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If we apply a force to an object so that the object moves, we say that work is done by the force. In Introduction to Applications of Integration on integration applications, we looked at a constant force and we assumed the force was applied in the direction of motion of the object. Under those conditions, work can be expressed as the product of the force acting on an object and the distance the object moves. In this chapter, however, we have seen that both force and the motion of an object can be represented by vectors.
In this section, we develop an operation called the dot product , which allows us to calculate work in the case when the force vector and the motion vector have different directions. The dot product essentially tells us how much of the force vector is applied in the direction of the motion vector. The dot product can also help us measure the angle formed by a pair of vectors and the position of a vector relative to the coordinate axes. It even provides a simple test to determine whether two vectors meet at a right angle.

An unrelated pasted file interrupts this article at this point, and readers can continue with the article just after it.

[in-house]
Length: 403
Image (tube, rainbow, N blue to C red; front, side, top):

We have already learned how to add and subtract vectors. In this chapter, we investigate two types of vector multiplication. The first type of vector multiplication is called the dot product, based on the notation we use for it, and it is defined as follows:
The dot product of vectors $\text{u}=\u27e8{u}_{1},{u}_{2},{u}_{3}\u27e9$ and $\text{v}=\u27e8{v}_{1},{v}_{2},{v}_{3}\u27e9$ is given by the sum of the products of the components
Note that if u and v are two-dimensional vectors, we calculate the dot product in a similar fashion. Thus, if $\text{u}=\u27e8{u}_{1},{u}_{2}\u27e9$ and $\text{v}=\u27e8{v}_{1},{v}_{2}\u27e9,$ then
When two vectors are combined under addition or subtraction, the result is a vector. When two vectors are combined using the dot product, the result is a scalar. For this reason, the dot product is often called the scalar product . It may also be called the inner product .
Find $\text{u}\xb7\text{v},$ where $\text{u}=\u27e82,9,\mathrm{-1}\u27e9$ and $\text{v}=\u27e8\mathrm{-3},1,\mathrm{-4}\u27e9.$
7
Like vector addition and subtraction, the dot product has several algebraic properties. We prove three of these properties and leave the rest as exercises.
Let $\text{u},$ $\text{v},$ and $\text{w}$ be vectors, and let c be a scalar.
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